Here are the things we can do over the next year:

    1. Create a comprehensive on- and off-line certification program in Functional Medicine for professionals and create a scholarship program for students and faculty to get training.

    2. Get the Textbook of Functional Medicine in the hands of as many physicians, dieticians and health professionals as possible.

    Learn more at http://www.functionalmedicine.org/bookstore/product_detail.asp?id=441

    3. Create Centers of Excellence in Functional Medicine. This is a new model for clinical care and medical practice that can make this type of medicine available and affordable for everyone. Imagine clinics in your own community based on the principles of systems biology and Functional Medicine. We can help doctors and health professionals learn how to do this so that everyone can have a place to access this type of care.

    4. Develop a network of research projects and centers to advance research in this field as quickly as possible. This will allow insurance companies to be able to pay for it because they will see that Functional Medicine is not only more effective than conventional approaches, but it will save billions of dollars.

    The goal of The Institute for Functional Medicine is to raise $20 million over the next year to accomplish this. And the more we have the faster we can go.

    And you all can make it happen with very little effort.

    I don’t ask things of my community very often — and I am not asking for me, but for the millions of suffering people who could benefit if we come together and work to create change.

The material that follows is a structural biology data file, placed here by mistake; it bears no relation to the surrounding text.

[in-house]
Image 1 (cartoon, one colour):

3. Carlitos says:

    Depression medicine is very dangerous and does not help the problem, it can make people much worse and when they try to get off it some people go a bit nuts, a read an article about it recently that was quite alarming.a pill cannot get rid of depression, not really and not for good. the problem is in your mind, your thinking, psychology, you need therapy of some sort.depression has no quick fix, you have to sort out why your depressed and deal with it, learn new ways to think, sort out your mind and life that the depression is coming from.

    • Anonymous says:

      Carlitos,
      Thank you for your input. It’s true that coming off a depression medicine is hard for most and should be monitored by a practitioner who can support the process. Depression has causes that can be biochemical as well as emotional, and as a functional medicine practitioner, addressing them all is important for lasting change. When medication isn’t enough, it’s a good idea to find out why, such as if the medication is the right kind or if vital nutrients are needed to modulate the effect. The emotional and mind-body aspect is critical, as you mentioned.
      In health,
      Dr. LoBisco